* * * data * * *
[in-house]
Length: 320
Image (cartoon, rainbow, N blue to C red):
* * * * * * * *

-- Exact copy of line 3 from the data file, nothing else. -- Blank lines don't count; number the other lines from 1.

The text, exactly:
Image (cartoon, rainbow, N blue to C red):